By David Klein
Monday, September 23 at Holston Hills Country Club, the Rick Barnes Emerald Youth Golf Classic was held to raise money for the Emerald Youth Foundation. Tennessee Basketball Head Coach Rick Barnes donated a $50,000 check to the foundation, and 120 golfers played in the tournament. More than $175,000 was raised to benefit the Emerald Youth Foundation.
It was the 21st annual Emerald Youth Golf Classic. According to the website, the Emerald Youth Foundation’s mission is to raise up a large number of urban youth to love Jesus Christ and become effective leaders who help renew their communities. The Emerald Youth Foundation is in its 28th year of serving the Knoxville urban youth community.
Emerald Youth Foundation CEO and President Steve Diggs said, “What we’re trying to do is build a foundation for the youth of this city. That’s what’s so great about Knoxville. People care about children in this city and they make their caring count. They prove it in this tournament.”
Diggs continued, “We have an urban church ministry, we do sports, we launched Knoxville’s first charter school. We also have a focus in trying to support families across the city. It’s a whole child development organization. Our focus is on youth that live inside the city.”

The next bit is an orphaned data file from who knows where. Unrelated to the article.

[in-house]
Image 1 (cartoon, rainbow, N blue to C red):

Barnes, who serves on the Board of Trustees and is in his fifth year of involvement with the golf tournament, emphasized the role of the golf tournament and the part that the Emerald Youth Foundation plays in kids’ lives.
“It means a lot how we’ve grown the tournament,” Barnes said. “What Steve Diggs does with Emerald Youth is really amazing. What they do, the principles they’re (Emerald Youth Foundation) trying to instill in these young kids is really something that I think all of us in Knoxville should be proud of. This town has great people, very unassuming people that I think want to see this community continue to grow. This is a great program, it really is, and to be a part of it over the last couple of years and watching it grow, I’m excited about it and I’m excited about the future because I know the more that we can affect these young kids, the better off it’s going to be for all of us,” Barnes stressed.
Diggs said about Barnes, “He’s a generous man. We’re fortunate that he did not leave Knoxville. He cares really deeply for children. He has a real heart for Christian ministry and city kids and we’ve been fortunate to be a vehicle for him to give back here in the community and to serve. We’re very grateful he’s in town.”